A man was arrested allegedly trying to cross the border at Corowa on Wednesday and three others were turned away at major checkpoints.
A 34-year-old from Victoria allegedly attempted to drive in NSW along Carlyle Road just after 11am, telling police he intended to cross the border despite not having a valid exemption.
He was arrested and taken to Albury police station to assist police with their inquiries, while his wife and three children complied with police direction and returned to Victoria.
Three Melbourne drivers were also caught at different checkpoints as police examined permits in the hours after the border was closed at midnight.
Two men were charged for allegedly possessing the drugs GHB, methylamphetamine, buprenorphine and steroids plus two knives and $4065 cash as they crossed the border into Tocumwal on Wednesday.
The 24-year-old man from Queensland driving a Victorian registered car and his 28-year-old male passenger from Tocumwal, who appeared to be drug-affected, were refused bail and will appear at Albury Local Court on Thursday.
NSW Police Commissioner Mick Fuller said the experience of permit checks had been "a positive one" with the exception of those turned back.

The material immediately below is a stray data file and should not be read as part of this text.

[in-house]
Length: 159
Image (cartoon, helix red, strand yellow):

"Some vehicles have been turned around, sent back to Victoria, because the drivers came from postcodes that are of threat from the virus," he said.
"Outside of that, the permit system is working and thousands of vehicles have been able to travel.
"Most of those have been either heavy transport or people travelling in those border town bubbles."
He warned driver that highway patrol and other police would be checking any cars with Victorian number plates outside of of Albury and on-the-spot-fines could be issued.
NSW Police Assistant Commissioner Scott Whyte was in Albury for the border operation on Wednesday and dismissed criticism - including from mayors Kevin Mack and Anna Speedie - that the checkpoints were not working because of the delays.
He rejected a suggestion permits would not be checked during peak hour.
"We are enforcing the NSW health order and we will continue to do so," he said.
"It's been a very large task and it wouldn't have been achievable without the input of the local community - local councils and other local services assisting us."